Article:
Hi, hello there, dear friend. I'm sorry to report that, with one month left in this hell year, 2017 is still at it. This time: snakes. To be more specific: snakes in toilets. Eight-foot-long pythons crawling out of u-bends and biting people in Bangkok.
It's not an urban legend. An eight-foot-long python recently crawled out of a toilet in Bangkok, Thailand and bit a woman, leaving half-inch-deep punctures in her thigh. And then a second giant python slithered out of that same toilet a week later.
The worst part? This nightmare fuel is not some freak once-in-a-lifetime story. No, instead, as The New York Times reports, as of Monday, Nov. 27, the Bangkok Fire and Rescue Department — which removes snakes, including pythons and king cobras from homes — had received 31,801 calls for help removing snakes from homes in 2017. Per the Times, "that is more calls than for all of last year (29,919), and more than three times the number in 2012 (10,492)."
You, like me, may have questions. Chiefly: what did Bangkok do to piss off the universe, that it's apparently so full of toilet-snakes? Bangkok didn't do anything (that we know of), but the enormous Thai city was built on a reptile-friendly swamp, which means that snakes happen sometimes. Combine that with the fact that the city of 8.2 million is, per the Times, expanding more and more into once-wild lands full of snakes, some of these legless reptiles are bound to slither their way into people's homes seeking shelter. Especially due to the fact that this has been an especially wet year, even by Bangkok's standards. So, encroaching on habitats and record rain means eight-foot snakes in toilets.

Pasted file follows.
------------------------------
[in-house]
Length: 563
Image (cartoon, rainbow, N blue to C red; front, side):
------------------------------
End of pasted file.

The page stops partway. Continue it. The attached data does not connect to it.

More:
Never has there been a better advertisement for fighting urban sprawl.
So, yes, snakes in toilets are more than just the stuff of urban legend, and depending on where you're located, they're also more than once in a blue moon. For instance, a Seattle family recently discovered a four-foot python hiding in their apartment toilet — something buzzy and newsworthy for sure, because OMG what. Then there were the two enormous snakes — one eight feet long, the other ten feet — found in different toilets in Australia in 2015 (To be fair, that was in Australia, where everything is deadly). And there was also the 2013 instance of an Israeli man who got his penis bitten by a toilet snake, which is some definite nightmare fuel.
Despite the fact that, if this happened to me, I would scream and find a tall surface to scramble on top of, the fact of the matter is that humans don't have that much to worry about when it comes to snakes (half-inch puncture wounds aside).
Deputy Director of the Bangkok Fire and Rescue Dept. Prayul Krongyos told the Times, “stories of snakes invading homes always sound scary, but as long as you don’t provoke them, they won’t hurt you. There are only a few cases where snakes come into people’s houses and hurt them.”
In fact, Prayul said, snakes in Bangkok do more good than harm. They take care of rats and other vermin in garbage piles. Good sneks, sure, but I will maintain the same rule I do with spiders: go on and kill gross bugs, but stay the heck away from me.
So anyways, maybe the takeaway is that you should always look before you pull down your pants and take a seat? A toilet snake is terrifying, but also sort of great in terms of pest control? I dunno. But I will definitely be double checking my toilet for the next few days. No shame if you do too.